Our reading today begins with our familiar refrain (13:1). Notice that the years of oppression are now far longer than the years of rest (which we saw are getting shorter). In verses 2-3 we see another example of barren women being given children by the hand of God.* We also see the Angel of the Lord appear – another pre-incarnate appearance of Christ. In this case, the child is dedicated to God at God’s own command (v. 5). This is typological of Christ. We see a semblance of faith in Manoah by his reaction to the news his wife gives him (v. 8). We see in verses 4, 5, 7, and 14 that the child is to take a lifelong Nazirite vow (Nazirite means “separated one” – see Numbers 6). He is called to be holy unto God for his whole life – again a pointer to Christ.
In verse 16 we are told that Manoah did not know with Whom he was dealing. After the offering is supernaturally accepted, we see in verse 20 that Manoah and his wife know, and worship. We are told in verse 21 that Manoah then understood Who he was dealing with. He calls Him God (v. 22). His wife calls Him YHWH (v. 23). In verse 25 we see that the Spirit was with Samson (which means “like the sun”).
Chapter 14 begins the record of the exploits of Samson. He is to be holy to the Lord. As a Nazirite, he has three rules to follow. He may not drink wine (Num 6:3-4), he may not cut his hair (Num 6:5), and he may not touch a dead body (Num 6:6). These are an outward sign of the inward holiness of one separated unto the Lord. And we see right away that inwardly, Samson is not holy unto the Lord. He desires to marry a Philistine (14:2), which, though forbidden by God, is right in his eyes (v. 3). But note in verse 4 that this was “from the Lord.” This shows that God, though not the creator of sin, does ordain all that comes to pass, including sin**, to fulfill His purposes. Here, we see that His purposes are against the Philistines.
On the way to see his bride-to-be, Samson encounters and kills a lion (vv. 5-6). We are told again in verse 7 that this Philistine woman is “right in Samson’s eyes.” When he comes back to take her as wife, Samson sees the dead lion, with honey in its carcass, and he takes and eats (vv. 8-9). At the wedding, Samson puts a riddle to the Philistines based on his encounter with the lion, and makes a bet (vv. 12-13). The Philistines threaten his wife and her family to get the answer (v. 15), and Samson knows it (v. 18). Samson then kills Philistines to pay his debt to Philistines. The chapter ends with Samson’s wife being given to another man. Sin upon sin upon sin. Samson is not different from the Philistines.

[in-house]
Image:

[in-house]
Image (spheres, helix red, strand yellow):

Chapter 15 begins with Samson coming back for his wife (15:1). In his anger, Samson burns the Philistines fields (vv. 4-5). So the Philistines burn his wife (v. 6). And so he kills more of them (v. 8). Samson is not different from the Philistines. So they attack Judah (v. 9). The Israelites betray one of their own to save themselves (v. 12), showing that Samson is not unique in his proclivity to sin. In verses 14-15, we see that God is indeed using all of this sin to punish the Philistines.
Now judge of Israel, Samson is no less prone to sin (16:1). We see the incredible strength of Samson in that he carries the city gates 40 miles (v. 3)! In verse 4 we are introduced to Delilah, another Philistine woman. Note that the “loves” in this verse can also mean “desired” (as in, physically). In the twisted game between Samson and Delilah (vv. 6-15), we see that neither has any regard for the other, yet a physical relationship is strongly implied. Sin upon sin upon sin.
The shaving of Samson’s head and his subsequent weakness are related, though not directly. His strength is not in his hair. His strength is the Holy Spirit (vv. 19-20). His breaking of the Nazarite vow*** is an outward result of the inward sin, and it was brought about by blatant outward sin. The mention of his hair growing back is not an indication that his hair contains any power, but the outward action of his hair growing is symbolic of an inward change, which we will see in the sacrificial final act of his life (v. 30).
In verse 23, we see some cosmic irony: the Philistines believe their idol Dagon has given them Samson, when is was, in fact, God. Considering what is about to happen, verse 24 is more ironic still. When they get drunk enough, the Philistines want to mock Samson (v. 25). In verse 28, we see Samson call out to God, albeit with less than perfect motives. But without his eyes, Samson can only be guided by faith (no matter how small), and he acknowledges – perhaps for the first time in his life! – that God is the source of his strength (v. 28). And God fulfills His purpose set out in 14:4.
*The physical impossibility of these women having children (Sarah, Rebekah, Rachel, Manoah’s wife here, and later Hannah and the Shunamite woman), but then being given a child from the hand of God are preparatory and typological of the physical impossibility of a virgin having a child. But it is also typological of Israel – rendered barren by their faithlessness – and yet the mother of the Messiah (see Isaiah 54).
**Jonathan Edwards said this of God as the author of sin: “If by ‘the author of sin,’ be meant the sinner, the agent, or the actor of sin, or the doer of a wicked thing . . . it would be a reproach and blasphemy, to suppose God to be the author of sin. In this sense, I utterly deny God to be the author of sin.” Rather, God is: “the permitter . . . of sin; and at the same time, a disposer of the state of events, in such a manner, for wise, holy and most excellent ends and purposes, that sin, if it be permitted . . . will most certainly and infallibly follow.”
***Some commentators believe that the touching of the dead lion (14:8-9) broke one of the three rules, that the feast (14:10) implies wine drinking and is a breaking of another, and that his hair being cut completes the trifecta.